Hi Colleen and @eden I have a diagnosis of SIBO and have done a lot of research (have a health care further nerdy science background 🙂 ) . I've never experienced light headedness after meals, nor have I heard others report that, or seen it listed as a symptom specific to SIBO. We do know of course that everyone is different, and if you experience light headedness 2 hours after meals, you obviously do, I think you might have to be cautious about immediately attributing that to the SIBO. Obviously, if your SIBO is treated and you have some kind of testing to document it is better, and the light headedness also goes away, then you could link the two.
"This is almost certainly the food being fermented by the mass of bacteria in the small intestine and the resulting d-lactic acid, and other products of fermentation including alcohol, circulating in the bloodstream and affecting the brain". There is absolutely no scientific evidence that any of this is happening, particularly any of these substances getting into your blood and your brain. Research into SIBO is still young, and I lot isn't known. While there is speculation that bloating and gassiness could be caused by action of the bacteria on food, this doesn't necessarily mean they are fermented, and nothing has ever shown this, nor that such substances are being produced. Even if they were, and diffusing into the bloodstream, all blood from the GI organs goes to the liver first, via the hepatic portal vein, and those things would detoxified. Our body also is very adept at keeping a tight pH in the blood, and excess lactic acid would be converted into a closely related substance to keep the pH constant. Anyway, none of these substances would get anywhere near your brain. Nor to your muscles to cause any soreness (and would not be present in any amount great enough to do so).
"There are many pages online that purport to describe the symptoms of SIBO."
Yes there are, and this is one syndrome that people really need to be careful with; because sadly there seems to be more BAD info compared to good info with this problem. I suspect b/c the medical community has been so slow to get on board with taking SIBO seriously, it's gotten 'hijacked' by naturopaths, chiropractors, self-appointed experts and all kinds of quacks. Promoting things like you described above. People really need to read carefully, and critically think. There are some patients who are good sources of information. When someone calls themselves "Dr." , check into what kind of Dr. they are. Chiropractors have absolutely no education and training in GI issues. Unfortunately, I think it becomes a vicious circle. In my experience, the medical community, even my Mayo Dr., do not take SIBO seriously, I think partially b/c they see it as something that is associated with quackery.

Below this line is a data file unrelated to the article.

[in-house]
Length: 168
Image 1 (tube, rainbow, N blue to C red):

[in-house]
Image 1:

SIBO and "leaky gut" are two separate issues, and "leaky gut" is another highly controversial issue, and hasn't even been determined whether or not this is a 'real' thing – there is evidence that the permeability of the small intestine likely can be affected by various disease processes. However, many claims made by some sources are just not valid. I won't go into great detail now as this is already getting long. Both of these problems are not 'diseases' in themselves, but things that develop secondary to another problem (and then become a problem). Hence, SIBO will re-occur if the underlying cause cannot be remedied, which is why it is so hard to treat. Often that cause is not known, or can't be 'fixed'.
There is no evidence that SIBO or leaky-gut can cause muscle soreness. However, many people who have SIBO have other medical problems, sometimes many. I'd explore other causes of your muscle soreness and light headedness because it seems a possibility there could be some other cause.
Colleen, I'm not sure if this is where I should be writing this .. or in that other place, but maybe you can move it?